A bit much to swallow for a father in shock, but Aaron continues leading the people through the public ceremony without rebutting. He is silent. Later Moses upbraids him regarding the sin offering inadvertantly left on the altar and completely consumed by fire. "Why did you not eat the sin offering in the sacred area? For it is most holy, and He has given it to you to remove the guilt of the community and to make expiation for them before the Lord." (Lv 10:17)

Oftentimes we must fulfill our public obligations despite personal tragedy. Instinctively, we yearn for escape to relieve our distress privately, but responsibilities demand our presence. Aaron fulfills his duty despite a father's grief. He leads the show. Torn between his public obligations as the High Priest and those of a bereaved father, he has no appetite for eating or celebration. No words assauge his loss. Often, well-intentioned people offer hollow consolation, "He was a good man. He lived next to God." Falling like loose change, the words clatter on the ground.

Moses instructs the uncles regarding the disposal of the bodies, continuing the ceremonies without interruption. He seems inhuman, dedicated only to law and protocol. Moses, the dutiful policeman, instructs the paramedics how to clean up after a terrible accident with the mask of rigid action, more dedicated to legalities and ritual than given to human compassion. We never see his internal turmoil, but hear only the response and instructions. Likewise we rarely hear or see the personal reactions of those so dedicated in our society to the restitution of order after a tragedy. We do not know the pain of the fatigued doctor or the anguish of the policeman, arriving on the scene after a grisly accident. We assure ourselves that they are in their element. They are professionals. They know how to react and they know what they are doing—yet we sympathize with the victims' families, weeping with them.

In truth, we need both sides to survive the inexplicable tragedies besetting us. We can identify crib death, but often we cannot truly avoid it. In everything we do, even when we know the exact protocols and procedures, risk remains. After a tragedy happens, there are questions and investigation and explainations—they offered a "strange fire" to the altar of the Lord; but the explanation falls short of human comprehension.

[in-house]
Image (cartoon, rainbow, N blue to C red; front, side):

Now Mount Sinai was all in smoke, for the Lord had come down upon it in fire; the smoke rose like the smoke of a kiln, and the whole mountain trembled violently... The Lord said to Moses, "Go down, warn the people not to break through to the Lord to gaze, lest many of them perish. II-5 Yisro Ex 19:18-21

Rabbi Bradley Shavit Artson, Tzav: Ears, Thumbs, and Toes
My Jewish Learning
"Philo (1st Century Egypt), perceived that, "The fully consecrated must be pure in words and actions and in life; for words are judged by hearing, the hand is the symbol of action, and the foot of the pilgrimage of life.""


Rabbi Cary Kozberg, Shemini: Boundaries Sanctity and Silence
provides commentaries on the deaths of Nadav and Avihu
" Perhaps one of the hard lessons to be learned here is that affirming sanctity is ultimately about maintaining limits and boundaries. If Nadab and Abihu were indeed too zealous in their devotion by bringing to the altar that which God had not commanded, perhaps their sin was that they "broke through" those boundaries and thus compromised the sanctity of the moment and the Sanctuary itself."

Beth Freishstat, Shemini: Death Grief and Consolation

Kolel, Shemini 5762
four different interpretations of the deaths of Nadab and Avihu

Rabbi Pinchas Avruch, HaKollel Shemini 5763: Safety in Numbers

Rabbi Eliyahu Hoffmann, Olas Shabbos 5761: Un-influenced Service

Rabbi Robert S. Leib Tzav: Lost and Found: From Obsolete Ritual to Personal Responsibility
My Jewish Learning

Rabbi Levi said: It is a praiseworthy enactment that a person who behaves boastfully should be punished by fire, as it is said, "This is the law regarding a person striving to be high: It is that it goes up on its burning place." [Note: The burnt offering (ha-olah) is linguistically related to the verb, alah, "to go up," "rise," "ascend," and is midrashically taken here to mean climbing to pretentious heights, assuming an insolent and overbearing attitude.] (Leviticus Rabbah 7:6 on Leviticus 6:2)

Yanki Tauber, Chabad, Shemini: Consumed

Chabad, Keeping in Touch: Shemini

Rav Kook, Shemini: The Error of Nadav and Avihu
a cabalist explanation

II-5 Yisro